SECURITIES AND EXCHANGE COMMISSION, Plaintiff-Appellee, v. Angelique DE MAISON, Defendant-Cross Defendant-Appellant, Peter Voutsas, Ronald Loshin, Defendants, Jason Cope, Izak Zirk de Maison, fka Izak Zirk Engelbrecht, Louis Mastromatteo, Trish Malone, Kieran T. Kuhn, Gepco, Ltd., Sunatco Ltd., Suprafin Ltd., Worldbridge Partners, Traverse International, Small Cap Resource Corp., Gregory Goldstein, Stephen Wilshinsky, Talman Harris, William Scholander, Justin Esposito, Kona Jones Barbera, Victor Alfaya, Defendants-Cross Defendants, Jack Tagliaferro, Defendant-Cross Claimant-Cross Defendant.
Defendant-Cross Defendant-Appellant Angelique de Maison appeals from a judgment of the district court entered against her following a consent agreement with Plaintiff-Appellee United States Securities and Exchange Commission (“SEC”). The district court ordered de Maison to disgorge $4,240,049.30 in ill-gotten gains, plus prejudgment interest, and imposed a third-tier civil penalty of $4,240,049.30. de Maison appeals, principally arguing that the district court was without authority to impose disgorgement following the Supreme Court's decision in Kokesh v. SEC, ––– U.S. ––––, 137 S. Ct. 1635, 198 L.Ed.2d 86 (2017). de Maison also presses various challenges to the district court's remedies calculations. We assume the parties’ familiarity with the underlying facts, the procedural history of the case, and the issues on appeal.
“Once the district court has found federal securities law violations, it has broad equitable power to fashion appropriate remedies ․” SEC v. Frohling, 851 F.3d 132, 138 (2d Cir. 2016) (quoting SEC v. First Jersey Sec., Inc., 101 F.3d 1450, 1474 (2d Cir. 1996)). “The court's choice of remedies is reviewed for abuse of discretion.” Id. at 139. “Under this standard, we will reverse only if we have a definite and firm conviction that the court below committed a clear error of judgment in the conclusion that it reached upon a weighing of the relevant factors.” SEC v. Rajaratnam, 918 F.3d 36, 41 (2d Cir. 2019) (quoting SEC v. Bankosky, 716 F.3d 45, 47 (2d Cir. 2013)).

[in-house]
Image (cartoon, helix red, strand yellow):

The meat of de Maison's argument on appeal is grounded in Kokesh.1 She argues that disgorgement has historically been rooted in equity. See, e.g., SEC v. Tex. Gulf Sulphur Co., 446 F.2d 1301, 1308 (2d Cir. 1971). She further contends that equitable relief does not include penalties. See Tull v. United States, 481 U.S. 412, 422, 107 S.Ct. 1831, 95 L.Ed.2d 365 (1987). Finally, de Maison insists that Kokesh must be read as holding that disgorgement in the securities enforcement context is always a penalty. See Kokesh, 137 S. Ct. at 1645. Therefore, according to de Maison, disgorgement is no longer an authorized remedy.
Nonetheless, “[i]t is a longstanding rule of our Circuit that a three-judge panel is bound by a prior panel's decision until it is overruled either by this Court sitting en banc or by the Supreme Court.” Doscher v. Sea Port Grp. Sec., LLC, 832 F.3d 372, 378 (2d Cir. 2016). Although an exception to this rule is recognized “where an intervening Supreme Court decision casts doubt on the prior ruling” such that the intervening decision has “ ‘broke[n] the link ․ on which we premised our [prior] decision’ or ‘undermine[d] [an] assumption’ of that decision,” id. (alterations in original) (quoting Finkel v. Stratton Corp., 962 F.2d 169, 174–75 (2d Cir. 1992); Sullivan v. Am. Airlines, Inc., 424 F.3d 267, 274 (2d Cir. 2005)), we cannot agree with de Maison that the Supreme Court in Kokesh implicitly did what it explicitly said it was not doing. See Kokesh, 137 S. Ct. at 1642 n.3 (“Nothing in this opinion should be interpreted as an opinion on whether courts possess authority to order disgorgement in SEC enforcement proceedings or on whether courts have properly applied disgorgement principles in this context. The sole question presented in this case is whether disgorgement, as applied in SEC enforcement actions, is subject to § 2462's limitations period.”) We conclude Kokesh does not constitute an intervening decision such that our precedent on disgorgement in SEC enforcement proceedings is disturbed. De Maison's argument concerning Kokesh must therefore await consideration by this Court en banc or by the Supreme Court.